According to classical pluralists and classical elitists can states be neutral to competing interest groups? Essay
The modern state can be defined as a sovereign political association that claims to exercise power within a defined territorial area. It consists of a set of institutions, including the government, who organise society and are financed through public expense. Under democratic regimes it has always been debated as to the extent to which the state responds to popular pressure. Some academics argue that states can be neutral to competing interest groups, whereas others claim certain sections of society always have a higher degree of influence. These opinions differ according to the theoretical approach that is taken. Classical pluralist and classical elitist thinkers forward two very different viewpoints. This essay will evaluate and compare these two theories. It will also assess whether they believe states can be neutral to competing interest groups.
Classical pluralism was the original form of pluralist thought to emerge. It is based on the notion that power in society is diffuse and takes a strong liberal theory of the state. Classical pluralists argue that governments and states in western democracies act in the interests of society and represent public opinion. They also believe that the state is a legitimate force as it operates with the acceptance of society. It can therefore be said that pluralists believe that states can be neutral to competing interest groups. One of the most influential modern thinkers to forwarded classical pluralist views is Robert A Dahl. The reasons as to why Dahl believes that sates can be neutral to interest groups will now examined.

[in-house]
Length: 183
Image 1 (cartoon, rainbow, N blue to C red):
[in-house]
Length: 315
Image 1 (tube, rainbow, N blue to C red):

As a classical pluralist Dahl believes that certain beliefs are shared amongst the majority of democratic societies, such as in America where there is a dedication to the constitution of the country and its political institutions. However, he denies that in democratic societies there is an all-inclusive value consensus. Classical pluralists such as Dahl believe that in industrial societies there are many social divisions, which are on the increase due to the expansion of job diversity. They argue that according to a persons job, there will be values that are specific to there experiences. Groups such as labourers, teachers and scientists will all have different concerns.
The concerns of these different groups may then be conveyed to the government by their own union or professional association. Although classic pluralists believe that divisions such as class, age, gender and ethnicity affect people they reject the idea that any one specific difference dominates the way in which an individual acts. For example, a female manual worker, as well as being a member of the working class may also be: a bus user, a mortgage payer and have children in higher education. Therefore as well as having issues relating to her class she will also be concerned with: as a bus user the efficiency of bus services, as a mortgage payer inflation rates, and as a parent of children in higher education student fees. Classical pluralists believe that it is this diversity in people’s interests that allow democratic societies to function smoothly. They believe that if one division in society were to dominate, it would lead to majority rule with the interests of the minority being ignored. It has been made apparent as to one of the reasons for classical pluralists’ believing that states can be neutral to interest groups. This is that they believe there are a diversity of interest groups within society and that no specific group is dominant.